A recent poll from the Pew Research Center indicates that 72% of Americans agree that undocumented immigrants should be able to apply for citizenship or legal permanent resident status. By party affiliation, 80% of Democrats, 72% of Independents, and 56% of Republicans believe that undocumented immigrants should be offered opportunities to remain in this country legally.

That may seem like heartening news. However, as always, the devil is in the details. Nearly two-thirds of Republicans believe that immigrants are a “burden on the country.” To them, immigrants are competing with citizens and legal residents for jobs, housing, health care and other resources. Forty-two percent of Republicans want to see greater restrictions on legal immigration.

Certain GOP leaders (such as Scott Walker, Rick Santorum and Donald Trump) are trying to exploit this Republican held view on immigration to rile their base. Others, like Ted Cruz, Marco Rubio and Bobby Jindal – all offspring of immigrant parents themselves – want to make legal immigration easier. Jeb Bush’s wife was born in Mexico, and certainly should be appalled by Trump’s statements.

Issue 4: Is the GOP Attack on Mexican Immigrants a Good Strategy?

At present, it’s the anti-immigration, GOP candidates that have the loudest voice. However, with 86% of Hispanics supporting legal immigration, and three swing states with large Hispanic populations (Colorado, Florida and Nevada) at stake, this anti-Mexican strategy cannot play out well if the GOP really hopes to win the White House. Even the Wall Street Journal has questioned whether such an attack could be devastating to the GOP.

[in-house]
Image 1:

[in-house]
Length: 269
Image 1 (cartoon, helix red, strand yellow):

As detailed in the WSJ:

In 2012, Mitt Romney won a whopping 59% of the white vote, more than either John McCain in 2008 or George W. Bush in 2004. But Mr. Romney won only 17% of the non-white vote, less than either Mr. McCain in 2008 or Mr. Bush in 2004. Net result: comfortable Democratic win.

Fast forward to 2016, when the white share of the vote will be smaller and the Hispanic share larger . . . a Republican who wins the same 59% share of the white vote that Mr. Romney took will have to take 30% of the non-white vote—almost twice the share Mr. Romney took—to win the election.

Conclusion

Immigration is not a new issue. Humans have been migrating from place to place for millennia. The movement of people from one place to another is driven by one of two factors (and sometimes both): they are either seeking a better life, or they are fleeing detrimental conditions.

Politicians have been using the issue of immigration to advance their agenda almost as long as there have been nation-states. Sometimes immigrants have been welcomed, provided they’re willing to assimilate. Other times, they have been vilified and used as scapegoats.

The United States has been a long experiment in trying to create a heterogeneous society. It has drawn a wide diversity of peoples from virtually every other nation on earth. Almost every immigrant group that arrived after the first English settlers has had to fight for its place in the new nation. And yet, every one of these groups has made its own unique contribution. Relationships between various groups have not always gone smoothly. It has taken time – but all-in-all, despite some recent backsliding and a few dinosaur-like individuals determined to divide us, we as a nation are gradually coming together while retaining our unique cultural identities. Ultimately, we are all better for it.

Hopefully, all of the GOP presidential candidates will realize this, as there is no way they can win the White House by alienating such as large and important voting bloc of America.

 

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K.J. McElrath is a former history and social studies teacher who has long maintained a keen interest in legal and social issues.